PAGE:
“At first I wasn’t sure at all where to begin.”
Opening line in the novel Hombre, written by Elmore Leonard
“When I wrote 3:10 to Yuma. I sold the original [short] story for $90, and then got $4,000 for the movie rights.”
(Leonard did add that “a 5,000 word story was a hundred bucks. And in the early ’50s, that wasn’t bad.”)
“Bewteen 1951 and 1961, Elmore wrote 30 western short-stories and five western novels, even as he made his main living with advertising work.”
WGAW Written by article Dutch Landscape
“In 1961, Leonard quit his job at the ad agency to write full time. The western fiction market had dried up because of a plethora of westerns on television and he wanted to write contemporary stories. But the demands of a growing family required him to take freelance advertising jobs instead. After five years away from writing fiction, Leonard finished his first non-Western novel, The Big Bounce, buoyed by the sale of film rights to his novel Hombre. His Hollywood agent, the legendary H. N. Swanson read it and told him, ‘Kiddo, I’m going to make you rich.'”
Biography on ElmoreLeonard.com
“Elmore’s first crime book, The Big Bounce, was rejected 84 times.”
Ann O’Neill, The CNN Profile
But The Big Bounce got published and eventually made into a movie in 1969 which Leonard said ,”Was probably the second worse movie ever made.” The worst movie? According to Leonard, the 2004 version of The Big Bounce. But artists aren’t defined by their failures, but by their successes.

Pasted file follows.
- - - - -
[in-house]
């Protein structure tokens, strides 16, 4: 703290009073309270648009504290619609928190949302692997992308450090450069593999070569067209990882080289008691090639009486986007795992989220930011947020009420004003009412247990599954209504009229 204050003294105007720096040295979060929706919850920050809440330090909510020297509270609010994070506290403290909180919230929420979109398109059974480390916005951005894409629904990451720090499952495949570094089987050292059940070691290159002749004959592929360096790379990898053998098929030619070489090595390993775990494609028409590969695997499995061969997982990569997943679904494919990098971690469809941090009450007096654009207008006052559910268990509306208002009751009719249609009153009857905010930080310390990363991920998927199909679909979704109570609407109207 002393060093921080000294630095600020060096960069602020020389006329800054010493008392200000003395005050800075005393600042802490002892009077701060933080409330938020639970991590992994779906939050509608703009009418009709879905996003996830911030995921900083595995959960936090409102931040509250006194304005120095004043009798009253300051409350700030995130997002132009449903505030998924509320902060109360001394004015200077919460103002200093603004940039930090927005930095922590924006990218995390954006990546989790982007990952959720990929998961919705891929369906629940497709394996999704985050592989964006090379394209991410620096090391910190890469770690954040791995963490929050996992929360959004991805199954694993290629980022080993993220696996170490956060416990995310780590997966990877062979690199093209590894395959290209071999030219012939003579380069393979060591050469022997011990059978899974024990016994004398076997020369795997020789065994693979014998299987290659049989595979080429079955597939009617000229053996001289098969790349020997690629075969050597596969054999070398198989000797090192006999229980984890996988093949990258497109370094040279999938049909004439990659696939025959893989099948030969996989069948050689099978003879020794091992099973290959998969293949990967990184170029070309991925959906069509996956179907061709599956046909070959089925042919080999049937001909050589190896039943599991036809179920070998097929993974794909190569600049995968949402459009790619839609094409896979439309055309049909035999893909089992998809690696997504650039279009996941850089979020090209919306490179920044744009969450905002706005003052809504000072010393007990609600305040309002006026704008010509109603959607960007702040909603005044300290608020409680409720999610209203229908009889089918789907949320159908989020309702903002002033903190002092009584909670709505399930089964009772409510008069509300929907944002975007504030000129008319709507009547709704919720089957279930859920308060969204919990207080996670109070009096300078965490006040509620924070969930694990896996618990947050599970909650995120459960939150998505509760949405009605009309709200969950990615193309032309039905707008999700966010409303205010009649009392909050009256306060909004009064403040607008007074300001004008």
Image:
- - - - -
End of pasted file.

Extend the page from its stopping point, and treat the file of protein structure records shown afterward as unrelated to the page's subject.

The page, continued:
“One remarkable thing about Leonard’s talent is how long it took the world to notice. He didn’t have a best-seller until his 60th year, and few critics took him seriously before the 1990s.”
Mike Householder, Time Magazine
P.S. Since I’m into regionalism, it’s worth noting that two writers that Leonard admired both had ties to Leonard’s Michigan:
Writer Jim Harrison (Part 1) The writer of Legends of the Fall was born in Grayling, MI and partly raised in Reed City, MI.
Writing Quite #24 (Elmore Leonard) Hemingway much spent time in Michigan and one of his first published stories was Up in Michigan.
Starting Your Screenplay (Tip #6)
The Breakfast Club for Writers (Starting early in the morning before a day job didn’t hurt Leonard.)